Sunday, 11 September 2011

A Duty of Candour, Depressive Women, and Friends in Finland

The first two days of last week were spent at the University Strategic Conference. Unfortunately due to still having treatment at the clinic each morning, staying over was impossible. Experience tells me that it's the informal getting together in this way that are the most valuable and  enjoyable aspects of such events. However, the two days were very good and I came away with a sense that the University had somehow changed gear in working towards achieving its strategic aims. In the last session we were encouraged to raise ‘taboo’ topics. Ironically, the rules of confidentiality don’t allow me to say whether anyone did or not.

But arguably such sessions are important for any organisations health. How many of us have been party to a meeting where the 'Elephant in the Room' is completely ignored as people feel for whatever reason unable to voice their concerns. It’s sometimes easier to simply convince oneself to be a team player and not rock the organisational boat. It can be hard to stand up and be counted for what you believe to be right. I believe that it is important for organisations and the managers who lead within them to learn how to listen carefully to what is being said.

Last year the UK Department of Health signalled its intent to introduce a ‘duty of candour’ for all health care providers, making them contractually obliged to publicly reveal mistakes made. This month the Health Select Committee recommended that the ‘duty of candour’ will need to be a condition for licensing (by the Care Quality Commission) for any qualified provider wishing to contract for the provision of health care services. Even without the moral obligation to enact a duty of candour there are important economic drivers to consider. The cost of settling legal claims against the NHS for clinical negligence was £807m in 2010, a rise of £146m on the previous year. Each of these claims represents something going wrong, a patient harmed or killed. Being a current user of health care services and the fact there were just under 6000 claims last year is enough to make me feel quite depressed.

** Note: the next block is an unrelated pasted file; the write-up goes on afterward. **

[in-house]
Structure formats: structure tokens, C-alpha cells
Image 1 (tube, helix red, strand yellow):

And I am not alone. The journal, European Neuropsychopharmacology last week published an updated report on work originally undertaken in 2005 which looked at the size and burden of mental illness in Europe. The report showed that almost 165 million people or 38% of the population suffer each year from a mental health problem such as depression, anxiety, insomnia or dementia. Professor Hans-Ulrich Wittchen, who led the systematic review of empirical based studies, noted that the rate of depression in women was 2.6 times higher than for men, particularly for those women aged between the ages of 16 to 42. These researchers attribute this higher rate of depression in women to the burden of balancing the demands of marriage, family and a job – although I am not convinced this link is clearly demonstrated in their paper.

The mental health organisation SANE note that perhaps one reason we believe that women are twice as likely to suffer from depression than men is more to do women being more prepared to talk about it, whereas many men can find it more difficult to describe their feelings of anxiety, depression or loneliness and may even lack the language to express their inner feelings.

However, maybe the depressive woman doesn’t need to be, well completely depressed. Dr Sabura Allen, a clinical psychologist at Monash University published, in 2007, her now famous piece of research which looked at the recent sexual experiences of depressed and non-depressed married and single women who were both in relationships or not. Her study found that depressed women had more sex than their non-depressed counterparts. The study concluded that depressed women were likely to be seeking out sexual intimacy more often to help make them feel more secure. I am not so sure her research really proved this is the case. But it is known that sexual activity provokes a release of endorphins which elevate our mood and can make us feel ‘happier’ and increase our sense of wellbeing.

And finally, it is likely that this weekend will be a difficult one for many people. Each anniversary of 9/11 provokes in me a sense of deep contemplation of the human condition. I was in Finland when 9/11 happened and with friends of many years. We sat and watched the dreadful events unfold together. And Mikko, Leena, and Heikki remain good friends all these years later. They have, and continue to bring much happiness to my life!